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BREAKING: Trials From the Realm of Cardiac Electrophysiology to Look Forward to in AHA Scientific Sessions 2021

The most anticipated cardiovascular conference of the year, AHA Scientific Sessions 2021 is upon us! In the days and hours leading upto the event, speakers have been revising their presentations, moderators going over their notes, and organizers working hard to prevent any glitches for this fully virtual experience. For many attendees, including myself, the most exciting part of the conference is the release of new trial data that may have a bearing on clinical practice and set the direction for future research. This year’s program is heavily ‘charged’ with incredible science in the field of cardiac electrophysiology. Below is a short guide to the studies from the field of electrophysiology being presented in the late breaking science (LBS) sessions.

CRAVE Trial- The Coffee and Real-time Atrial and Ventricular Ectopy (CRAVE) Trial

Presented by Gregory Marcus, MD

LBS.03 Prevention to Intervention in Atrial Arrhythmias, Sunday Nov 14th 8-9 AM EST

Many people report experiencing palpitations with higher caffeine intake and cutting down on coffee is a common advice heard in EP clinics. However, this anecdotal link is not backed by evidence with large population studies showing no association between caffeine intake and arrhythmias.1 Hence, the investigators of the CRAVE trial set out to investigate the effect of caffeine intake on cardiac ectopy.2 Based in University of California, San Francisco, this N-of-1 trial enrolled healthy volunteers and assigned them to 2-day blocks of coffee on-and-off days for 2 weeks. Continuous heart monitors were used to assess the primary outcome i.e., premature atrial and ventricular contractions. The results of this study will be interesting and may finally provide an answer to the important question- to bean or not to bean?

GIRAF Trial- Dabigatran Versus Warfarin on Cognitive Outcomes in Nonvalvular Atrial Fibrillation: Results of the GIRAF Trial

Presented by Bruno Caramelli, MD

LBS.03 Prevention to Intervention in Atrial Arrhythmias, Sunday Nov 14th 8-9 AM EST

Prevention of stroke is one of the pillars of management of atrial fibrillation (AF). However, even in the absence of stroke, patients with underlying AF have an increased risk of cognitive decline and dementia.3 Direct oral anticoagulants (DOACs) such as dabigatran have less food and drug interactions and better safety profiles compared to warfarin and are now considered the preferred agents for long-term stroke prevention in non-valvular AF. However, whether this consistent and stable anticoagulant effect offered by DOACs compared to warfarin translates into prevention or progression of dementia in the elderly patient with AF remains unknown. Investigators of the GIRAF trial conducted a prospective randomized controlled trial (N=200) comparing the effects of dabitran with warfarin on cognitive and functional outcomes at 2 years in an elderly population with AF.4 Clinicians from different fields will be craning their necks for the results of this important trial.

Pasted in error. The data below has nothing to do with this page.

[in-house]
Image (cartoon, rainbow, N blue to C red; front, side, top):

PALACS- Posterior Left Pericardiotomy Reduces Postoperative Atrial Fibrillation After Cardiac Surgery

Presented by Mario F Gaudino, MD

LBS.03 Prevention to Intervention in Atrial Arrhythmias, Sunday Nov 14th 8-9 AM EST

Post-operative AF plagues one-third of patients after cardiac surgery and is associated with longer hospital stays, increased risk of stroke, and higher mortality.5 Drainage of the pericardial cavity into the left pleural place by performing a posterior pericardiotomy has shown benefit in preventing post-operative AF in small studies. In the PALACS study, Dr. Gaudino and colleagues aimed to further assess the impact of posterior pericardiotomy during cardiac surgery on occurrence of post-operative AF.6 If this study also demonstrates a benefit with posterior pericardiotomy, the case for performing this relatively simple surgical procedure will be strengthened.

aMAZE Trial- Outcomes of Adjunctive Left Atrial Appendage Ligation Utilizing the LARIAT Compared to Pulmonary Vein Antral Isolation Alone: The aMAZE Trial

Presented by David Wilber, MD

LBS.03 Prevention to Intervention in Atrial Arrhythmias, Sunday Nov 14th 8-9 AM EST